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What is the Difference Between a Blue Bird & a Blue Jay?

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If you're wondering if the blue bird of happiness has finally made his way to your yard, take a second look and confirm it isn't the blue jay of happiness. Both birds spot beautiful blue plumage, however they're very different birds. These guys differ in size, plumage, diet and habitat.

Plumage, Bright Colors Draw Attention

If you're partial to blue, either of these birds will appeal to you. Both the eastern and western blue bird sport bright blue plumage contrasting with a reddish-brown breast. The male mountain blue bird has a sky blue body, head and wings and a white belly. The female isn't as brightly colored as the male, with a brownish tone mixed with blue over her body. Blue birds run between 6.5 and 8.5 inches in length. The blue jay is larger, ranging in size from 10 to 12 inches. He's more flamboyant than the blue bird, with a white or gray breast topped with blue plumage. The perky crest on his head also makes him easily identifiable.

From Forests to Fields

The blue bird name indicates where you'll find him; the eastern version is east of the Rockies, ranging from Canada to Honduras. Western blue birds are west of the Rockies, from Canada to Mexico and mountain blue birds overlap into the eastern and western blue bird's territories. The mountain blue bird is found in agricultural areas and groves of trees, while the western blue bird prefers open woodlands. The eastern blue bird can be seen in open country with trees and are common in pastures, suburban parks, backyards and fields. The blue jay is common throughout most of North America, gradually increasing his range into the Northwest. He lives in forests -- though he prefers forest edges to deep forest -- as well as urban and suburban areas. He especially appreciates oak trees and bird feeders.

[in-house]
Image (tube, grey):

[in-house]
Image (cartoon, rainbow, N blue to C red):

Blue Birds Get a Little Nutty

Each of the three blue birds enjoys dining on insects, but will eat fruit such as blueberries, raspberries and currants. Spiders, caterpillars, beetles and crickets are a mainstay of this guy's diet. The blue jay has a reputation of being a thief for his supper, however it's mostly undeserved. Instead of robbing nests for eggs or nestlings, this fellow actually prefers a diet of nuts and seeds. He will eat insects such as grasshoppers and beetles, as well as injured vertebrates.

Looking For Love

All blue birds may mate more than once during the year. The eastern blue bird usually has two to seven eggs in a clutch, requiring two to three weeks to hatch. The mountain blue bird has a larger clutch, of four to eight eggs, and the western blue bird's clutch may be as small as two eggs or as large as eight. Like their eastern family member, it takes about two or three weeks for their eggs to hatch. The blue jay only mates once in a year, with a clutch size of two to seven, and will incubate her eggs for almost three weeks.